The branch exists only to bear the fruit

The knowledge of which resides in the root

Would a gardener plant and tend the vine

Without the promise of the grape and wine?

 Before this truth let all your reason pause

What you thought was effect, is but the cause.


Born in Vakhsh (Tajikistan) in 1207, Jalaluddin Rumi was a great spiritual master and poet. His influence transcends national borders and ethnic divisions. His poems have been widely translated into many languages and transposed into various formats. His poetry has not only influenced the Persian literature but also the Turkish, Azerbaijani, as well as the literature of the languages encompassing Chagatai, Urdu and Pashto. He is the author of the six-volume epic work, the Mathnawi, which has been referred to as the ‘Koran in Persian’.

On the other hand, Farrukh Dhondy is an Indian-born British writer, playwright and screenwriter. He has authored a number of books including East End at Your Feet and Poona Company along with screenplays for Split Wide Open and The Rising: Ballad of Mangal Pandey.


Cover of 'Rumi a New Translation' by Farrukh Dhondy

The book is divided into two parts, with the first part consisting of the translations of Rumi’s works (which forms a major chunk of the book) and the other one consisting of a “PS Section” at the end, comprising Rumi, Sufism and the Modern World, A Personal Note and Q&A with Farrukh Dhondy, in which Farrukh Dhondy talks extensively about Rumi and his life, the relevance of Sufism and Rumi in the contemporary world, Islam, and his motivation to come up with this ‘new translation’, all of which are conducive to a comprehensive reading experience.

The bough is cleansed as the storm sweeps,

The candle brightens as its wax weeps.

It is still an engaging read encompassing the themes of spirituality, love, brotherhood and fraternity.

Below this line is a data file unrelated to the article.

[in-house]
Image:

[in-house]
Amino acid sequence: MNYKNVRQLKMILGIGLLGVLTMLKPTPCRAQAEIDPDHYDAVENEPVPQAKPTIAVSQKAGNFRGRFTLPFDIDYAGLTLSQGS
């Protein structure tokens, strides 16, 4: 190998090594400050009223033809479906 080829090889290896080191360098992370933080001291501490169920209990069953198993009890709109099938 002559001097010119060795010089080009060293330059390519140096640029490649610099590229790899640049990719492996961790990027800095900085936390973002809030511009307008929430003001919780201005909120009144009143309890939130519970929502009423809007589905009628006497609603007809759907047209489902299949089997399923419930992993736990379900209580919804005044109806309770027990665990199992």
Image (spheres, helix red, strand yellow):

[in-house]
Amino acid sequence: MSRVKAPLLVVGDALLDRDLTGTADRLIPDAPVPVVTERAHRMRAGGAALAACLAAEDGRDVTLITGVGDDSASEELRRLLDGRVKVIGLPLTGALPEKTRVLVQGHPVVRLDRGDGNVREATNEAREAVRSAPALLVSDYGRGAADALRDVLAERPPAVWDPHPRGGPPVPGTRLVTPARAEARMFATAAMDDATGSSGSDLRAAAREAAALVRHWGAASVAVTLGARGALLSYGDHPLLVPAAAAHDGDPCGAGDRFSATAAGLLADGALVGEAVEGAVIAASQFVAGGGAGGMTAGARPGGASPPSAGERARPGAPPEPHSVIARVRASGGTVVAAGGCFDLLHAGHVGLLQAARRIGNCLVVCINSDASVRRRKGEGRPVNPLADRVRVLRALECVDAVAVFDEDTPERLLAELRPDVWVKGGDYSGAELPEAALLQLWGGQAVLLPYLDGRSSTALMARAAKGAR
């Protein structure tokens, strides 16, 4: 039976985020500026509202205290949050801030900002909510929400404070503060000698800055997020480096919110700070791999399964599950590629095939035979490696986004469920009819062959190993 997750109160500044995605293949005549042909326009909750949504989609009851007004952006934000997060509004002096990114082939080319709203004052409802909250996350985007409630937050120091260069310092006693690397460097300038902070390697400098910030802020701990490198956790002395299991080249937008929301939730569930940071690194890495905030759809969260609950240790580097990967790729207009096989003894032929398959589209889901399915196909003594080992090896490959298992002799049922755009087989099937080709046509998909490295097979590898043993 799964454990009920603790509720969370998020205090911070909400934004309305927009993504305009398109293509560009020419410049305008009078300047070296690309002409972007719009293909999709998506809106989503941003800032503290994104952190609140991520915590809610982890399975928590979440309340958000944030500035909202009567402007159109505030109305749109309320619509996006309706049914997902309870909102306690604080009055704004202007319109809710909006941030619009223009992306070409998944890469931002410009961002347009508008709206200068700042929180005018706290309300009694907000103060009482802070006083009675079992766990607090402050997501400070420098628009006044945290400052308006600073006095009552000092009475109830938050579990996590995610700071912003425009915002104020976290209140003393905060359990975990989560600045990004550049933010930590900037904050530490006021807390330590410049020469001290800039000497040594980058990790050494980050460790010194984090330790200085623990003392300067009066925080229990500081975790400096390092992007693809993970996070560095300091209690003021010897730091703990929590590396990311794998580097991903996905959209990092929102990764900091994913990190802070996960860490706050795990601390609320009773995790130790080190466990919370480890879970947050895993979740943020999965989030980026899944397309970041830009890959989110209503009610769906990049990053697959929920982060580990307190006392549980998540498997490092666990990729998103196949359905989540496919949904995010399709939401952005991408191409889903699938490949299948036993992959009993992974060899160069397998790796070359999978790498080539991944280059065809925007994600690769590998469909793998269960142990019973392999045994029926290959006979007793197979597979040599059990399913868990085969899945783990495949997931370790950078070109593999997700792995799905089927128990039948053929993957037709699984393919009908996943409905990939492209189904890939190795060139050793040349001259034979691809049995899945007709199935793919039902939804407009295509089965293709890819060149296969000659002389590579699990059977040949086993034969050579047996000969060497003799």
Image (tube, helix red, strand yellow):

Rumi's poem about oneness, brotherhood and equality

He gives worldly advice with panache, sometimes through anecdotes, without being preachy.

Rumi's poem on envy and jealousy

This collection gives the reader an insight into the brilliance of Rumi, in spite of never having read him in the original (source) language.

The poems are soul-touching and, more importantly, expressive in nature.

Material is the earth and material the stars

O Rumi, seek the spirit – the water not the vase! 

It’s a beautiful peach-colored, small-sized hardcover book with an amazing paper quality and print; designs at the corners of each page add to the charm.

While it’s true that the true meaning seems to be lost in the translation, this book, nonetheless, leaves the readers enthralled and amazed. It is particularly perfect for those who want to know more about Rumi and/or Sufism.

Rumi and his words about disguise

There’s plenty for the reader to gain from this book, both in terms of artistic value and knowledge. It is safe to say that Rumi’s verses will accompany and guide the reader for a long time after they have put the book back on their shelf.

Ameya Rating: 4/5

Credits: SuKriti (सुकृति)